In a recent nighttime drive with Tesla’s latest Full Self-Driving (FSD) beta software, a Model 3 managed to flawlessly navigate a notoriously difficult street in San Francisco. This software still isn’t perfect and some errors were revealed in a second video in San Jose. Overall, however, progress is impressive and shows that Tesla’s aggressive push to get its software out to testers on the road while collecting data in real-world conditions is working.
Tesla’s driver-assist technology is among the best in the world and is pushing toward becoming fully autonomous, no longer requiring a human driver at all. Competing autonomous research vehicles require large, expensive LiDAR scanners mounted to the roof to capture the surroundings in a three-dimensional point cloud. Tesla relies solely on a vision-based system now, claiming it is more effective and pointing out that the roads and driving are currently designed for vision, so it makes sense to use that approach in the technology.
Tesla’s new FSD beta 10 steered confidently down San Francisco’s notorious Lombard Street. When approaching a tight turn with an intersection that caused it to become stuck in the past, the Tesla’s autonomous steering navigated the turn smoothly and without hesitation. Spacing of the Model 3 within the lane was much better as well, rather than drawing very close to the curb as it did with the previous FSD beta 9. AI Addict shared similar comments in the video. While it handled this short, but sharply curved street with no trouble, it did reveal some serious weaknesses in the second video which was recorded during the day.
Tesla’s Full Self Driving beta 10 software is only available as early access, meaning it is only available to a subset of beta subscribers. This is a good thing considering that although the decision-making seems more confident, it’s still making serious errors. At around three minutes into the video showing the daytime drive through San Jose, road construction signs were completely ignored and the driver had to take control and stop the Model 3 to prevent crashing into the signs. The Tesla managed to make some turns despite confusing street markings, but did so with very jerky steering.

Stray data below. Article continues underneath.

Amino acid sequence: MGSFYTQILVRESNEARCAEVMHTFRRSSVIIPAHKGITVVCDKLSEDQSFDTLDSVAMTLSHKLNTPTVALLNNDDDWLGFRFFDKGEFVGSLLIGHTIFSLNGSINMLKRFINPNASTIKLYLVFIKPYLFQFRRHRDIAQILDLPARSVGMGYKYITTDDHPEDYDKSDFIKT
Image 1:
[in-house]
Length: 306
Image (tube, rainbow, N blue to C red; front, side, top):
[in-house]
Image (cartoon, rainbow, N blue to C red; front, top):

AI Addict seeks out troublesome road conditions and unusual street markings in areas that might be confusing for human drivers. The update was described as very polished when compared to the previous version of Tesla’s most advanced driver-assist system, however, it did still struggle in several places. While the FSD beta software has improved considerably, it is still very important for the person driving to remain alert and be ready to take control of the wheel if necessary. After all, while Tesla’s Self-Driving tech managed to navigate one of San Francisco’s most difficult S-turn streets with ease, it did fail when confronted with construction signs.
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